For a more detailed explanation, Paul Schnackenburg did a masterful job here in breaking down this shift towards what is now called the “Modern Desktop” along with its pros and cons on how it can and will affect us going forward…
While no one will dispute the fact that Microsoft releases lots of updates on a monthly basis, (sometimes even every week depending on how disastrous that month’s patches are) it’s safe to say that they officially update certain features/products within their OS without warning.
Case in point: the random Windows 10 search bar issue hitting users machines. Kudos to those that pointed out how the build number within the search bar changed and verified that Microsoft indeed performs secret “updates” that are designed to fly under the radar.
Additional kudos goes to Woody Leonard for providing us with great insight and analysis into this issue and explains it in a way that is easy for the casual user to understand. Check out his Askwoody post/ Computerworld article here for the 411…
Is it just me or does Microsoft continue to confuse the masses of exactly how the “extended security update” program works. Perhaps the confusion is a vital part in that they want you to have upgraded to Windows 10 four to five years ago.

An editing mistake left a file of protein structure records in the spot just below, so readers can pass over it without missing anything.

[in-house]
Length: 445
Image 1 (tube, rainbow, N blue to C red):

However, there are many institutions that need to keep their legacy Windows 7 / Server 2008 (R2) machines up to date. For details on how to keep the update coming, Kurt Mackie gives a thorough breakdown here of what needs to be done as well as what is required to accomplish this task.
According to Microsoft’s security update guide, a spoofing vulnerability that utilizes the Crypt32.dll file can be used to control a machine at will.
As stated within the emergency bulletin:
A spoofing vulnerability exists in the way Windows CryptoAPI (Crypt32.dll) validates Elliptic Curve Cryptography (ECC) certificates.
An attacker could exploit the vulnerability by using a spoofed code-signing certificate to sign a malicious executable, making it appear the file was from a trusted, legitimate source. The user would have no way of knowing the file was malicious, because the digital signature would appear to be from a trusted provider.
A successful exploit could also allow the attacker to conduct man-in-the-middle attacks and decrypt confidential information on user connections to the affected software.
The security update addresses the vulnerability by ensuring that Windows CryptoAPI completely validates ECC certificates.
Good news is that Microsoft has already released a patch to close the loophole so make sure you take care of this ASAP!
At last, the time has come. Today marks the last day of free security updates for the legacy OS. For those of you that still plan on using it for the foreseeable future, it may be in your best interests to bit the bullet and spend the extra $50-60 for an additional year of coverage.
For more info on the extended security updates (ESUs), head to Microsoft’s site and check out their FAQ sheet here…